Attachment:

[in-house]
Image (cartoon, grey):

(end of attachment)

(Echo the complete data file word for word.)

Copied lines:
[in-house]
Image (cartoon, grey):